Iranian media in mid-June published an interview with Amir Asadollahi, a Mahan Air pilot, who recounted his experience having the slain IRGC commander Qassem Soleimani aboard his flight seven years ago.
The interview drew renewed attention to the Islamic Revolutionary Guard Corps' (IRGC) destabilising actions in the region, led by Soleimani, then-commander of the IRGC Quds Force, who was killed in a US drone strike at Baghdad International Airport in January.
Soleimani was succeeded by Brig. Gen. Esmail Qaani who, analysts say, is likely to steer a similar course as his predecessor.
Illegal cargo, disguise and bribery
Asadollahi said he was flying an airliner to Damascus in June 2013 carrying seven tonnes of what he described as "prohibited cargo". Soleimani was among the 200 passengers on the plane.
Following the publication of Asadollahi's interview, Mahan Air denied having carried or transferred illegal cargo at any point in time.
Economist Behzad Gonabadi told Al-Mashareq the IRGC and its foreign branch, known as the Quds Force, have sacrificed the interests of Iranians and victimised thousands of innocent civilians in the region to implement their expansionist plans.
Referring to Asadollahi's interview, Gonabadi said, "This seven-tonne banned cargo could not have been anything other than ammunition and weapons."
According to Asadollahi, the aircraft was forced to land at Baghdad Airport because "American forces at the airport's control tower suspected Soleimani's presence on the flight".
The Mahan Air pilot said Soleimani then disguised himself as a flight engineer and managed to hide from Iraqi security forces, who accepted Asadollahi's bribe in exchange for not searching the plane's cargo, allowing him to fly out of Baghdad.
Gonabadi said Asadollahi's remarks are significant in that they reveal the IRGC has used airliners such as Mahan Air and their passengers as "human shields" to achieve its goals.
Recently, IRGC Brig. Gen. Nosratullah Hosseinipour acknowledged that Mahan Air was used in the past to transfer Iran-backed militia members to other parts of the region.
In an interview with Al-Mashareq, Tehran-based political activist Siavash Mirzadeh said, "From Syria, Lebanon and Iraq to Yemen and Afghanistan, everywhere is full of armed militant groups that are either created or supported by the IRGC."
"For instance, the members of the Badr Organisation in Iraq were organised and trained by the Quds Force," he said.
The Badr Organisation and its allies have been one of the main causes of political instability in Iraq. During Iraqi protests over the past few months, dozens of people have been killed by Iran-backed militias such as Badr, Mirzadeh said.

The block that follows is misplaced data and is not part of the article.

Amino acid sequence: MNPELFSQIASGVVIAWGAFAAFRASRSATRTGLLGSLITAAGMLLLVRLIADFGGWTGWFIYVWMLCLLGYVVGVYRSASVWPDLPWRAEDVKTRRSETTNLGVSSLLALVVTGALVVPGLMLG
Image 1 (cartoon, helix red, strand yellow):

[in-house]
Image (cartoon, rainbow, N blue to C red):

Similarly, in Syria, the IRGC has interfered on the side of Bashar al-Assad's regime to help suppress protests calling for better living conditions. This turned peaceful protests into an armed conflict, which in turn opened the door for extremist groups.
"The crimes committed by the IRGC in Syria have been attributed to the Iranian people and will not be forgotten in the history of relations between the two nations," said Gonabadi.
IRGC's use of passengers as 'human shields'
Lebanon's Hizbullah also is "an IRGC puppet", Mirzadeh said, adding that it has been destabilising Lebanon and terrorising protestors.
"The same can be said about the IRGC and its allies' actions in Yemen throughout years of civil war, during which the IRGC has been providing weapons and training to the Houthis (Ansarallah)," he said.
The Iranian regime has established a network of front companies to funnel money to the Houthis, which has enabled them to keep Yemen in a state of war, al-Hodeidah province governor al-Hassan Taher told Al-Mashareq in December.
These include currency exchange, money transfer and maritime transport companies, as well as "humanitarian aid" operations that are merely covert ventures that provide financing to the Houthis, he said.
According to Mirzadeh, the Quds Force's behaviour in the region demonstrates that civilian lives are of no value to the IRGC.
"Iran has transformed Yemen's Ansarallah from a small and insignificant group to the largest paramilitary group in Yemen," he said. "One of the group's military strategies has been to hide among civilians, who are sacrificed as a result."
Asadollahi's remarks about his Tehran-Damascus flight carrying Soleimani tend to prove that "the human shield strategy" is indeed implemented by the IRGC and its allies, whose victims are mainly the region's civilians, he said.